Hailing from Santa Teresa, Costa Rica, Alejandro “Che” Morales is the founder of the LECO Project, a nonprofit organization that seeks to upcycle plastic waste, turning pollution into new products.
Alejandro’s work has not only kept his community clean, but it has provided the residents with affordable products and structures made entirely from what many would wrongly assume is unusable junk.
Additionally, Alejandro educates local children on the importance of sustainability, ingraining within them the desire to make their world a cleaner place.
Why Did Alejandro Morales Form the LECO Project?
Alejandro has always been conscious of his carbon footprint. He lives minimally, making money by selling homemade bread from his bike.
One day, while riding along the beaches of Santa Teresa, he noticed a huge accumulation of plastic waste, a stain on the beach’s natural beauty.
Racking his brain to come up with a solution to the ever-growing problem of plastic waste in his beloved community, he decided to contact his long-time friend Thomas.
Together, they designed a shredding machine that turned plastic wastes into tiny crystal-like flakes, which they would use to make their own products. At first, however, the pair recycled only their own waste.
Alejandro Morales Expands the LECO Project
As Alejandro and Thomas became more experienced in finding creative ways to turn waste into products, they realized what a benefit their shredding machine could have on their community.
They constructed a larger machine and set up 100 compost bins throughout the town, allowing residents to leave their plastic waste in a place where LECO could collect it.
By collecting plastic waste and performing cleanups of the beaches, they make Santa Teresa a more beautiful, healthier place to live in.
Additionally, speaks to local schools about the importance of conservation, even taking students to beach cleanups, where they get to play a vital role in the beautification of their town.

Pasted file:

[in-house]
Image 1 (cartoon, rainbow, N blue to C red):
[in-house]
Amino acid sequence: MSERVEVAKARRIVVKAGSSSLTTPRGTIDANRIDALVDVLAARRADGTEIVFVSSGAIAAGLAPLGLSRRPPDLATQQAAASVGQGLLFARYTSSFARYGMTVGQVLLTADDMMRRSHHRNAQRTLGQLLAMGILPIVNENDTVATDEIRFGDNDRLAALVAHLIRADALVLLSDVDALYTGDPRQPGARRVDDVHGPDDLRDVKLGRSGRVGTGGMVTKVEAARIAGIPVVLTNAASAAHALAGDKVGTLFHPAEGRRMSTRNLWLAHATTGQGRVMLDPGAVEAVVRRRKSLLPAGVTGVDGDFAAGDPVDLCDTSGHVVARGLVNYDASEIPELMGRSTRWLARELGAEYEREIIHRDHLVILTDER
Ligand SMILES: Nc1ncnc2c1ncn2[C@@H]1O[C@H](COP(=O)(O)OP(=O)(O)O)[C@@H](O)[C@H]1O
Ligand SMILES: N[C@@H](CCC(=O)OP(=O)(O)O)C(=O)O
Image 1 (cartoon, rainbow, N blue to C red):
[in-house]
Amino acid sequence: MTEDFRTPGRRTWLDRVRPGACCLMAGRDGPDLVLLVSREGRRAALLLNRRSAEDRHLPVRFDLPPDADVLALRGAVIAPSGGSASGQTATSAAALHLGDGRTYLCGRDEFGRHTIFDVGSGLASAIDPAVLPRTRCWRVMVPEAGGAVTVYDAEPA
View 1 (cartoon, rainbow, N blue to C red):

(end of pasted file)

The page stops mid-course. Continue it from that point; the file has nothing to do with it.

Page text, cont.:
Alejandro Morales on the Importance of the LECO Project
Because plastic is not biodegradable, its constant production is harmful towards the environment.
Plastic products eventually break down into small fragments—called microplastics–which pollute ecosystems and cause damage to organisms.
According to Alejandro, since the advent of plastic, over 6,300.000,000 tons of it have been produced.
So much plastic wouldn’t need to be reproduced if we stopped throwing away our plastic products or found ways to upcycle unused plastic products, giving new life to what some would dismiss as junk.
This is why Alejandro’s work is vital. He is finding innovative ways to reuse plastics, turning things as simple as bottle caps into visually appealing structures.
To do what he does, one must possess a unique combination of creativity and altruism.
Examples of his work can be seen throughout the town. From signs to the lifeguard towers, much of what a tourist will see in Santa Teresa is constructed from upcycled materials.
What Method Does Alejandro Morales Use to Upcycle Plastic Waste?
Alejandro’s method of upcycling is surprisingly uncomplicated: After collecting plastic waste, he and his volunteers clean and classify it. It is then ground into small flakes, which are put into molds.
The molds are sprayed with release agents then put into the oven. They are taken out and cleaned and cut into squares, which can be thought of as building blocks.
To demonstrate his method’s efficacy, Alejandro and his team constructed a local school’s sign on-camera.
The only materials used to create the stunning piece of work were 20,000 bottle caps, showcasing that more can be done with less.
What Are Alejandro Morales’s Aspirations?
No matter how much work Alejandro and his volunteers put into the LECO Project, he knows that the organization itself will not rid the world of its plastic waste crisis.
While he takes pride in having even made minuscule improvements, he believes that the key to creating a conservationist society is education.
He hopes that the children he speaks to will take his message to heart, one day doing what he does and doing it even better.
“Nowadays, you can see children at school collecting trash and making sure plastic bottles don’t go in the garbage bin, and that happens mostly because of him,” said local lifeguard Gabriela Moreno.
Alejandro Morales Is a Hero
Alejandro does what he does because of his innate desire to leave a positive mark on the world. As evidenced by his lifetime of minimal living, he does not seek fame or fortune.
Instead, he simply saw a problem and decided that he would make a go at solving it.
Did You Miss Alejandro Morales’ Feature Video?
And while he’s certainly not a miracle worker, the impact of his work is evident in the altered perspectives of Santa Teresa’s youth. Through their actions, Alejandro’s legacy will live on.
To anyone planning on visiting Santa Teresa, he advises that you be respectful of the environment, as if it is your own home.
For more information on the LECO Project, please see the following links: